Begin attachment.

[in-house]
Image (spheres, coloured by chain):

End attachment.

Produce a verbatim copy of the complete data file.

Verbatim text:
[in-house]
Image (spheres, coloured by chain):